At CarolinaCAN, we set our priorities by policies that research suggests are the most powerful for moving the needle on student achievement, particularly for disadvantaged kids.
So why, of all the possible solutions we could focus on to raise student achievement, do we care about charter schools?
After all, charter schools only serve roughly 3 percent of North Carolina’s public school students—a growing but still quite small slice of our total student population. More importantly, neither national nor local data suggest that charter schools consistently outperform traditional district schools. As the graph below shows, overall, charter schools in North Carolina are a mixed bag.
For the most part, we see in NC what sophisticated research studies in have shown about charter schools in other states for years – on average, they’re average.And yet, at CarolinaCAN, we do care about charter schools. Why?
We care because these same nationwide studies have shown time after time that charter schools are having remarkable success with a particular student group core to our mission: students from low-income backgrounds.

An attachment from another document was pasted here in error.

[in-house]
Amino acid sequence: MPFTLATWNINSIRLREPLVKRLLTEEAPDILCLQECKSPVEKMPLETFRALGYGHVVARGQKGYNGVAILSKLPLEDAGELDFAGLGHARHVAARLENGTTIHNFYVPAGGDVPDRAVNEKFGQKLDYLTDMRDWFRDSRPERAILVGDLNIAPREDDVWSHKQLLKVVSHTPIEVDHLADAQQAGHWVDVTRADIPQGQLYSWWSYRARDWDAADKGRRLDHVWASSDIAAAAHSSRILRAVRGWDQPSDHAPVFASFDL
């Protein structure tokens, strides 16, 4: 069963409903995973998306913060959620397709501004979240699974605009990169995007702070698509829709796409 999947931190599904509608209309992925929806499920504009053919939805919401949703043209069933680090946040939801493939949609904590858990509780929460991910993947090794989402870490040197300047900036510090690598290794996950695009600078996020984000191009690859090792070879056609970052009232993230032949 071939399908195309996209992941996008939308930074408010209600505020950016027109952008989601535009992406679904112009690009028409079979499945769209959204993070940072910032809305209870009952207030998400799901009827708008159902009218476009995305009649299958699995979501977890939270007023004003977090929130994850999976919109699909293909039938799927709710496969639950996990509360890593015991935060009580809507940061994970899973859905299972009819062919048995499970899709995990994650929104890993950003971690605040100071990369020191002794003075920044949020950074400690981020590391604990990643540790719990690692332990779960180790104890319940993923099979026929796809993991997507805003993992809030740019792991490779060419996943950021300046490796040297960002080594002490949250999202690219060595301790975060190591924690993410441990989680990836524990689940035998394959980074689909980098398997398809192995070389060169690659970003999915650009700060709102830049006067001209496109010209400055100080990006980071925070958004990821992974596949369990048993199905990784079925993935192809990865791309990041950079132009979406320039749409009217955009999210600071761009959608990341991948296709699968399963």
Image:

This is the same group of students that many of North Carolina’s traditional public schools are struggling to serve well. Statewide, North Carolina’s low-income students fall behind their more affluent peers by 30 points in math and 28 points in reading by the eighth grade.
These students should not have to wait the year or years it can take to turn around their local traditional public school to have access to an excellent education. Top-notch, mission-driven public charter schools give disadvantaged students that option today. And they prove to all of us what is possible for disadvantaged students in public schools.
Over the past few weeks I’ve been fortunate to visit and learn more about the top-performing charter schools in North Carolina serving high percentages of at-risk students. Next month, I look forward to sharing the stories of their success, what sets them apart from other charter schools, and the state policies that enable them to prove that all students can succeed–no matter their zip code, background, or household income.